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Posted at 10:43 AM ET, 04/24/2006

The Results: Greatest Stories Ever Filmed

By Liz Kelly

On Friday, we turned our attention to a list compiled by a select set of British critics -- a list purporting to inventory the 50 greatest film adaptations of novels (and some short stories). To recap, the list -- though a good start and inclusive of some true greats -- seemed to come up a bit short. Is the Guardian's list the wrong mix or is 50 just too small a number to narrow down what is proving to be a particularly fertile field?

No one seemed as miffed as me at the "Lord of the Rings" snub, but plenty were surprised that E.M. Forster and Edith Wharton were categorically shut out.

Kurosawaguy also reminded us of another venue for adaptations we might want to include:

"Although it is a TV mini series, I think that 'Lonesome Dove' is perhaps the best novel to film translation I've seen."

Without further ado, here's a list of all the movies Celebritology readers thought should be added to the list. We hope you're paying attention, Guardian...*

2001: A Space Odyssey (The Sentinel)
A Christmas Story (In God We Trust/All Others Pay Cash)
A Passage to India
About a Boy
Adaptation (The Orchid Thief)
Airport
All Quiet on the Western Front
All the King's Men
All the President's Men
Angel Heart (William Hjortsberg's "Falling Angel")
Band of Brothers
Being There
Bridge on the River Kwai
The Caine Mutiny
A Christmas Carol
The Cider House Rules
Das Boot
Day of the Jackal
Diva
The Exorcist
Field of Dreams
From Here to Eternity
Grapes of Wrath
High Fidelity
I, Claudius
The Leopard
Lonesome Dove
Lord of the Flies
Lord of the Rings
The Magnificent Ambersons
The Maltese Falcon
The Man Who Would Be King
Marathon Man
M*A*S*H
Memento
The Natural
Oh Brother, Where Art Thou (Homer's "Odyssey")
Patton
Planet of the Apes (original version)
The Princess Bride
Remains of the Day
The Shawshank Redemption
The Shining
Stand By Me (Stephen King's "The Body")
Strangers on a Train
The Ten Commandments
Tess (Tess of the d'Ubervilles)
The Third Man
The Three Musketeers
The Tin Drum
To Have and Have Not
Touch of Evil
Tristram Shandy: A Cock and Bull Story
Witness for the Prosecution
The Wizard of Oz

*Although some of these titles may be included in the American Screenwriters Association list linked in Friday's post, they are not on the Guardian list and therefore included here.

By Liz Kelly  | April 24, 2006; 10:43 AM ET
Categories:  Pop Culture  
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Comments

I'm really surprised "In God We Trust, All Others Pay Cash" isn't included in more of these lists. "A Christmas Story" has become the definitive Christmas movie for many, many people. It's definitely on pay with the Grinch, Peanuts Christmas, Miracle on 34th Street, and so on.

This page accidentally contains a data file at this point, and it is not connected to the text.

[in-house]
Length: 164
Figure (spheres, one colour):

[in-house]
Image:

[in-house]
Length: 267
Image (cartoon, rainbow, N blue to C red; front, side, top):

While not a straight translation from book to film, Jean Shepherd's book was at least as integral to the movie upon which it was based as Susan Orlean's "The Orchid Theif" and Adaptation.

Posted by: David | April 24, 2006 12:20 PM | Report abuse

A wonderful list, but it (and The Guardian) are still missing "Gone With the Wind." For all its flaws, artistic and historical, it certainly was an enormously successful adaptation from a novel.

Posted by: Scott F | April 24, 2006 12:34 PM | Report abuse

Alas, no one seems to like Age of Innocence and Howard's End (not to mention Room with a View) as much as I do.

Posted by: katy | April 24, 2006 12:43 PM | Report abuse

If we're listing Oh Brother, Where Art Thou as an adaptation of the Odyssey, then how about Clueless as an adaptation of Emma?

Posted by: ??? | April 24, 2006 1:03 PM | Report abuse

It should be "The Bridge on the River Kwai," not "The Bridge Over the River Kwai." Perhaps THE best movie about World War II.

Posted by: Carrie English | April 24, 2006 1:09 PM | Report abuse

High Fidelity gets a spot but not Dr. Zhivago? How is that possible?

Posted by: Andrew McClung | April 24, 2006 1:19 PM | Report abuse

Um, you're wrong on 2001. The screenplay and book were written in a back-and-forth fashion, and there are definite inconsistencies between the two. The Arthur C. Clarke short story "The Sentinel", which was the genesis for the thing, only covers a small portion of the complete 2001 story.

Posted by: John | April 24, 2006 1:45 PM | Report abuse

Some of these were good books, but down right craptacular movies. The latest rendition of Lord of the Flies was awful, plus About a Boy was hardly anything to applaud.

Lord of the Rings, however, how could the Guardian miss that?

Posted by: Matt | April 24, 2006 1:47 PM | Report abuse

How about Kazan's "East Of Eden"?

"To Have and Have Not" is a great example because the story behind it. William Faulkner bet Hemingway that he could turn Hemingway's worst novel into a hit film. And he did. The film blows the book out of the water. The film also enjoys the distinction of being the only movie with the book written by one Nobel Prize winning author, and the screenplay written by another.

Posted by: James Dean | April 24, 2006 1:53 PM | Report abuse

How could you omit the latest adaptation of "Pride and Prejudice" with Keira Knightly and Matthew Macfadyen?!?

Posted by: Anne | April 24, 2006 2:00 PM | Report abuse